For use as a vegetable, young immature fruits are picked starting 12-15 days after fruit set. Maximum yield is obtained by harvesting the fruits as late as possible, i.e. when they are about half the size of a mature fruit. Older fruits become bitter and fibrous and are inedible.
For use as a sponge, fruits of the smooth loofah are harvested when they are fully mature, which is indicated by yellowing of the base and apex, about 4-5 months after planting. When cut, part of the stalk is usually left on the fruit for convenience in handling.
Each plant of L. acutangula may produce 15-20 fruits. Fruits for vegetable production may weigh 0.2-0.8 kg. L. aegyptiaca produces 20-25 fruits per plant, with a comparable weight. For vegetable production 8-12 t/ha of immature fruits is reasonable. With top pruning, the yield can be as high as 37 t/ha. In Japan yields of 60 000 matured fruits/ha of the smooth loofah (for sponge use) are reported, equivalent to 50 t/ha. Individual mature fruits weigh 0.5-2.5 kg. Crossings of the improved hermaphrodite cultivar "Satputia" with a traditional cultivar gave five times more yield than both parents.
Handling after harvest
Immature fruits of loofah are easily damaged. Careful wrapping and packaging is needed to enable long distance transport. Storage life of young fruits is 2-3 weeks at 12-16°C.
The best sponges are from mature but still green fruits of smooth loofah. They are processed by immersing in running water until the rind disintegrates. When the rind has disappeared, the pulp and seeds are washed out. The sponges are then bleached with hydrogen peroxide and dried in the sun.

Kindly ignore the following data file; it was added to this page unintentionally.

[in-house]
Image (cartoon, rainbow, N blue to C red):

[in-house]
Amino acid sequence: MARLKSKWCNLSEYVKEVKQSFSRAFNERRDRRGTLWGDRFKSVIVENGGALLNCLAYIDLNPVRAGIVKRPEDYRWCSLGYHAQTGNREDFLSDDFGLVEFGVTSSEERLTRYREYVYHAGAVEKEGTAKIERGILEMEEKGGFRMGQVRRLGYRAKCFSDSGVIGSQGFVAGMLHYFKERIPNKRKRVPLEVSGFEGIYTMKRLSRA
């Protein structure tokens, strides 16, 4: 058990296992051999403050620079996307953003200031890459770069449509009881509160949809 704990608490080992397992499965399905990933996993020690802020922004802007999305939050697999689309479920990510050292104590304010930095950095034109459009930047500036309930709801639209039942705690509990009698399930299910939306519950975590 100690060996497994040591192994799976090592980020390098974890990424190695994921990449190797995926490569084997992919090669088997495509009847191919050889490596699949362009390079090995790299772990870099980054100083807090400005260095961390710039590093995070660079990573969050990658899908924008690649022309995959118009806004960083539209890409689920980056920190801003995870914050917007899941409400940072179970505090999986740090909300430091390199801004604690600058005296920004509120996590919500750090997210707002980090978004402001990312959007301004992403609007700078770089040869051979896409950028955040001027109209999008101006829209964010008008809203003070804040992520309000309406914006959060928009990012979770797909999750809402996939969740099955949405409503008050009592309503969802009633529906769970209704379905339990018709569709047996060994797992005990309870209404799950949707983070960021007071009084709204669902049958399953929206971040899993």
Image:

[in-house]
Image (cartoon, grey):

Germplasm collections of loofah for vegetable use are kept in India (Vivekananda Parvatiyakrishi Anusandhan Shala, Almora, Uttar Pradesh), Nigeria (NACGRAB, Ibadan), the Philippines (NPGRL-IPB, Los Baños), Taiwan (Taiwan Agricultural Research Institute, Wufeng, Taichung), and the United States (SRPIS-USDA, Georgia). Germplasm collections of sponge loofah are kept in Japan.
Crossing experiments are easy to perform, because in most loofah cultivars and landraces the flowers are unisexual. Local cultivars and landraces are open-pollinated and hence populations are very variable. Such local populations are being collected in Malaysia, India and the Philippines for use in breeding programmes. High-yielding cultivars are available from seed companies in Thailand and Indonesia. In Japan and Taiwan, F1hybrids between angled and smooth loofah have been developed. These are very bitter and inedible but suitable for sponge production. Hybrids with other wild species are highly sterile.
Loofah is expected to assume more importance as a vegetable than it does now. Moreover, in the mature state it yields sponges, which are a useful renewable resource. Sponge production, combined with harvest of seeds as a source of protein and oil, might offer attractive prospects for South-East Asian countries.
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- Hamid, S., Salma, Sabir, A.W. & Khan, S.A., 1985. Cultivation conditions and physico-chemical properties of Luffa acutangula var. acutangula seed oil. Pakistan Journal of Scientific and Industrial Research 28(2): 119-122.
- Heiser, C.B. & Schilling, E.E., 1990. The genus Luffa: a problem in phytogeography. In: Bates, D.M., Robinson, R.W. & Jeffrey, C. (Editors): Biology and utilization of the Cucurbitaceae. Comstock, Cornell University Press, Syracuse, New York, United States. pp. 120-133.